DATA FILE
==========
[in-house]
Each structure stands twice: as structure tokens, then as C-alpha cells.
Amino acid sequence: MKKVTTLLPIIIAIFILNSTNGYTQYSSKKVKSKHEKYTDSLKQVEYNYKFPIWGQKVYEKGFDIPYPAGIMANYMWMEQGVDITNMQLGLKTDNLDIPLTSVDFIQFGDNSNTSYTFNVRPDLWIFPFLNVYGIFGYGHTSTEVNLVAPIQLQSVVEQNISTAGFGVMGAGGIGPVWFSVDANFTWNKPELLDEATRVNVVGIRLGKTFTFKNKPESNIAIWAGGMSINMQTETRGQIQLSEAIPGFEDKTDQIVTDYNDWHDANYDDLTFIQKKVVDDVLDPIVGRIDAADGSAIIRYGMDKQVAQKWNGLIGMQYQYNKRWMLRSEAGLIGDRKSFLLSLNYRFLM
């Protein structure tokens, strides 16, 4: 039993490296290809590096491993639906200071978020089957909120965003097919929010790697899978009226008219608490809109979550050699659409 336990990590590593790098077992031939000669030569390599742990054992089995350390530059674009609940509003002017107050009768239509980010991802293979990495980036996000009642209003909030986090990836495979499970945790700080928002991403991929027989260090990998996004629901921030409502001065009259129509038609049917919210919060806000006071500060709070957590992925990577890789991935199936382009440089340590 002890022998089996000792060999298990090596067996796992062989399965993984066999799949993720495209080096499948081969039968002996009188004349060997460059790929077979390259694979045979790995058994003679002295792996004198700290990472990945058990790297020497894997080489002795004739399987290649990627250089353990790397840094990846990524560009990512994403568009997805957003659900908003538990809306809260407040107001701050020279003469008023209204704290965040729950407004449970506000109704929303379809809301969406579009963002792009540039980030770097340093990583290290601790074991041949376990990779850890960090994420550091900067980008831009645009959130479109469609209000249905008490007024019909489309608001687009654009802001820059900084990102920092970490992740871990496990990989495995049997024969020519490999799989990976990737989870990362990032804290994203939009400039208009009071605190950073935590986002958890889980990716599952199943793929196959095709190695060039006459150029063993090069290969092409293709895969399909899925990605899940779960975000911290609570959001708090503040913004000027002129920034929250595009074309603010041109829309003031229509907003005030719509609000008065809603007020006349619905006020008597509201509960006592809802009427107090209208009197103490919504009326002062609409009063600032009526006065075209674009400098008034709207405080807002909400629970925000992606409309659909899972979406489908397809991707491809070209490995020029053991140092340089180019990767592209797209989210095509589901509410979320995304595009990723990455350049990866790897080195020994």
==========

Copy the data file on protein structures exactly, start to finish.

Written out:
[in-house]
Each structure stands twice: as structure tokens, then as C-alpha cells.
Amino acid sequence: MKKVTTLLPIIIAIFILNSTNGYTQYSSKKVKSKHEKYTDSLKQVEYNYKFPIWGQKVYEKGFDIPYPAGIMANYMWMEQGVDITNMQLGLKTDNLDIPLTSVDFIQFGDNSNTSYTFNVRPDLWIFPFLNVYGIFGYGHTSTEVNLVAPIQLQSVVEQNISTAGFGVMGAGGIGPVWFSVDANFTWNKPELLDEATRVNVVGIRLGKTFTFKNKPESNIAIWAGGMSINMQTETRGQIQLSEAIPGFEDKTDQIVTDYNDWHDANYDDLTFIQKKVVDDVLDPIVGRIDAADGSAIIRYGMDKQVAQKWNGLIGMQYQYNKRWMLRSEAGLIGDRKSFLLSLNYRFLM
């Protein structure tokens, strides 16, 4: 039993490296290809590096491993639906200071978020089957909120965003097919929010790697899978009226008219608490809109979550050699659409 336990990590590593790098077992031939000669030569390599742990054992089995350390530059674009609940509003002017107050009768239509980010991802293979990495980036996000009642209003909030986090990836495979499970945790700080928002991403991929027989260090990998996004629901921030409502001065009259129509038609049917919210919060806000006071500060709070957590992925990577890789991935199936382009440089340590 002890022998089996000792060999298990090596067996796992062989399965993984066999799949993720495209080096499948081969039968002996009188004349060997460059790929077979390259694979045979790995058994003679002295792996004198700290990472990945058990790297020497894997080489002795004739399987290649990627250089353990790397840094990846990524560009990512994403568009997805957003659900908003538990809306809260407040107001701050020279003469008023209204704290965040729950407004449970506000109704929303379809809301969406579009963002792009540039980030770097340093990583290290601790074991041949376990990779850890960090994420550091900067980008831009645009959130479109469609209000249905008490007024019909489309608001687009654009802001820059900084990102920092970490992740871990496990990989495995049997024969020519490999799989990976990737989870990362990032804290994203939009400039208009009071605190950073935590986002958890889980990716599952199943793929196959095709190695060039006459150029063993090069290969092409293709895969399909899925990605899940779960975000911290609570959001708090503040913004000027002129920034929250595009074309603010041109829309003031229509907003005030719509609000008065809603007020006349619905006020008597509201509960006592809802009427107090209208009197103490919504009326002062609409009063600032009526006065075209674009400098008034709207405080807002909400629970925000992606409309659909899972979406489908397809991707491809070209490995020029053991140092340089180019990767592209797209989210095509589901509410979320995304595009990723990455350049990866790897080195020994």